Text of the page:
After you have gotten through the content creation step of your inbound marketing strategy, you’ve got to optimize your financial website content. Without optimizing it for clicks and search engines, the exchange of a lead’s information for content can’t occur, and conversion opportunities disappear.
The last thing you want is for all of your created content to be for naught.
1. Add calls to action
Calls-to-action, or CTAs, are exactly what the name implies: a button, an image, a link, or text that directs your audience to take an action that you’ve called for.
Some of the most popular CTAs include “Schedule a Meeting” or “Subscribe to My Newsletter,” but when it comes right down to it, you can ask your website visitors to do anything.
CTAs can go anywhere — throughout your blog posts or at the bottom of them, within the body your emails, or as a tweet. And even though it took a call-to-action for a prospect to get your eBook, you can add them in there, too.
The bottom line is that you want to make it really, really easy for your web visitors to do whatever it is you want them to do. So the bigger and more obvious your call-to-action, the better.
2. Tackle Search Engine Optimization (SEO)
While many advisors consider Search Engine Optimization (SEO) to be a low priority, the fact remains that a higher ranking on a search engine results page means greater visibility. That means more web traffic and therefore more conversion opportunities. Ultimately, going to the trouble to create your web content is a fruitless endeavor if no one’s ever going to see it.
Here are a few ways to optimize your content for search engines.
Adding new material to your website on a regular basis is important for keeping it in a search engine’s spotlight.
Articles centered on keywords or phrases are preferred over unfocused financial content.
Lots of keywords:
Give search engines plenty to look at by also including keywords in the title tags, descriptive text, headers, sub-headers and links. A good meta description will help convince searchers that your page is worth navigating to.
Don’t over-stuff keywords:
Not only will you be penalized by search engines for it, but redundancy doesn’t make for a particularly enthralling or informative read.
Search engines like it, and so do readers. In other words, refrain from obfuscating your intended message with excessively verbose or inordinately intellectual language.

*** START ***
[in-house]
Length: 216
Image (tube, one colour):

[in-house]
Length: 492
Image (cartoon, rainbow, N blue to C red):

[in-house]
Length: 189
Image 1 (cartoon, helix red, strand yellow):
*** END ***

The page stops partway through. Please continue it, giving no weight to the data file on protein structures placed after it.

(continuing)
Your keywords don’t have to be an exact match to what is being searched. In 2012, Google introduced the “close variant keyword search” so that exact matches would appear, and so would various tenses, synonyms and semantically related terms. For example: ‘custom website’ → ‘customized websites’ → ‘customizable web page.’
According to Google, 7 percent of searches contain misspellings, a number which increases with every word added in the search bar. Just because none of us can type particularly well on our phones, doesn’t mean that we shouldn’t be able to find what we’re looking for.
3. Create a pay-per-click ad
The alternative to search engine optimization is to buy your content’s exposure with pay-per-click links, or PPC.
PPC advertisements, which you pay for, appear at the very top of a list of search results — above all the organic chumps in the rat-race below. As the name suggests, you pay only when your link is clicked.
A PPC means that you don’t have to tinker with your website to fit an ever-changing algorithm, you can direct traffic to pages that aren’t built around your keywords, and you have complete control over the ad. PPC provides a quick, easy and guaranteed effective way to immediately start increasing the visibility of your content.
Just make sure the content you’re providing on the other end of your PPC ad campaign has a high conversion opportunity. In the end, you want the ad to be able to pay for itself.
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